Husavik is one of the best places in Iceland to go whale watching.
We were about halfway through our two-week journey around Iceland when we reached the sleepy town of Húsavík. Our primary reason for traveling to Husavik was to embark on a whale watching tour. Did you know that Iceland is one of the top 10 places in the world to go whale watching? In fact, you have the best chance of seeing whales in Husavik more than any other place in the country. Husavik is branded as the “Whale Capital of Iceland.” For our Iceland whale watching trip, we chose an excursion with North Sailing in Husavik.
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REASONS TO CHOOSE NORTH SAILING
Although there are several whale watching companies in Husavik, we booked our tour with North Sailing. Why did we choose this company over the others?
Respectful and responsible to wildlife
North Sailing emphasizes a positive experience for both people and the wildlife. They use methods that minimally disturb whales and birds that we observe at sea.
For instance, while searching for whales at a distance of 3000 meters or less, the ship’s captain and crew avoid making sudden speed changes or excessive noise. At all times, they assess the behavior of the cetacean and determine whether or not the animals are showing any signs of distress. At 300 meters or less, they avoid following behind the cetacean and never approach directly from the front. The crew will also stop the main propeller and only approach cautiously while parallel to the animal. If the cetacean swims towards the ship at 50 meters or less, they will stop the propeller and not re-engage it until the whale is far from the vessel.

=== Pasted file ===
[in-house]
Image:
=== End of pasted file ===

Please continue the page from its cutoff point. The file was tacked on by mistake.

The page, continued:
And of course, no one is to ever touch, feed, or swim with the cetacean.
Carbon neutral sailings
You have the option of booking one of the several carbon neutral sailings with North Sailing. Naturally, we chose the carbon neutral sailing as we’re always searching for the most environmentally-friendly experience. North Sailing’s ship, Opal, is the first ship in the world with a Regenerative Plug-in Hybrid Propulsion system. This means that the Opal runs entirely on renewable energy.
Furthermore, this electric boat is virtually noise free. As sound travels four time faster in water than in air, the noise created by large boats carries over long distances. Noise can drive whales away from their feeding sites as they rely largely on sound for communication. It can also cause calves to become separated from their mothers. To keep noise to a minimum, North Sailing uses wooden ships with slow propellers, operating under a specific speed limit. As Opal is a quiet ship, the whales are minimally disrupted and the guests on board feel even closer to nature.
Sustainable company practices
Their ships are salvaged and restored from old oak vessels. Materials are reused and recycled, right down to the company’s restaurant, created from driftwood found in North Iceland. North Sailing aims to be completely carbon neutral by the year 2020. The company owns two electric cars, and the food in the restaurant is sourced locally. The company itself is owned and operated by a local family spanning three generations (soon to be four generations!).
WHALES, PUFFINS AND SAILS
Our Iceland whale watching tour with North Sailing was called Whales, Puffins and Sails. It was a four hour journey at sea, from the Husavik harbor to a region just below the Arctic Circle. From May 1st – August 20th, visitors will be able to see both whales and puffins. After August 20th, puffin season is over for the year and you’ll enjoy four hours spotting whales at sea.
There’s an excellent chance that you’ll see many whales on your trip. The odds are incredibly in your favor. In the summer, there’s nearly a 96% chance of spotting whales. In the winter, there’s a 92% chance of viewing whales. Those are pretty great odds!